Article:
VLADIMIR Putin has lost his 43rd Colonel after a failed attempt by Russian troops to cross a river in Ukraine as well as a legendary sniper.
Separately the death was announced of one of Vladimir Putin’s top military snipers, Sergeant Sergei Tsarkov.
Kozlov had only been in his position for two months having just replaced his predecessor, Colonel Serhiy Porohnya, after he was killed in March.
In the attack on the Donets River last week, two battalions were wiped out by the Ukrainians after a failed mission to rescue stranded comrades and kit on the other side of the river.
Russian soldiers and their vehicles had been left trapped in their attempt to cross the waterway after the bridge was blown up by Ukrainian forces.
After the attack, satellite pictures showed a Russian Z tank “graveyard” with 52 vehicles destroyed and an estimated 1,000 troops lost.
The second and third attempts also reportedly ended in failure with images showing a demolished pontoon bridge and half a dozen more military vehicles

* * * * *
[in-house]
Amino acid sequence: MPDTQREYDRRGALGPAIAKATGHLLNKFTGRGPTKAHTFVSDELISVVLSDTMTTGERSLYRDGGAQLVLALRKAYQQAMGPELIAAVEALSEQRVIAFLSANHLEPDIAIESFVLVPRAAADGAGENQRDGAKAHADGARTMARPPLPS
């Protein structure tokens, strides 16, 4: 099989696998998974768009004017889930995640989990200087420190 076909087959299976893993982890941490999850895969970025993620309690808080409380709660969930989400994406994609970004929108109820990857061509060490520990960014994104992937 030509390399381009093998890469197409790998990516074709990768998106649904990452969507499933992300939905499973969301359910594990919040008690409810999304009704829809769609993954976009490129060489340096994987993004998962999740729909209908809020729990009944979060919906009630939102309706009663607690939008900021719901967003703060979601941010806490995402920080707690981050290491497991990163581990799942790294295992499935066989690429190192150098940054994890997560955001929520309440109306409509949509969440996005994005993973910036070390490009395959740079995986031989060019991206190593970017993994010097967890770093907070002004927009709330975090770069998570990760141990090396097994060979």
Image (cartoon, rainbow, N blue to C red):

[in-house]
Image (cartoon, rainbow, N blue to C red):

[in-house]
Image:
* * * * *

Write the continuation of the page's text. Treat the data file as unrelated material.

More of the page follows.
Across the four day campaign to cross the river the Russians are estimated to have lost more than 70 tanks and armoured cars.
His troops were forced to retreat from both the capital, Kyiv, and the second biggest city of Kharkiv, in the east of Ukraine.
The 38-year-old Tsarkov was commander of a company of snipers, part of the 1st rifle platoon in TransBaikal region, Siberia.
“Sergey Tsarkov served in a sniper rifle company,” said a military source.
“He was the best sniper of the brigade Everyone respected him very much, he was a professional, well-respected.
“No-one could believe that such a thing could happen to him.”
He was a regular winner of international sniper contests at military games held between ex-Soviet countries.
Tsarkov was buried among other war dead in a vast Ukraine war cemetery at Borzya, his hometown, some 4,400 miles east of the warzone in Ukraine.
Rumours also continue to swirl over the Russian President’s health.
It has been claimed he’s suffering from Parkinson’s and that he’s due to undergo treatment blood cancer.